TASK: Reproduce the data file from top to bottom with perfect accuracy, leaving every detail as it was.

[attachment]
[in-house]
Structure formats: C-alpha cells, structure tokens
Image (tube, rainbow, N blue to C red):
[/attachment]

[in-house]
Structure formats: C-alpha cells, structure tokens
Image (tube, rainbow, N blue to C red):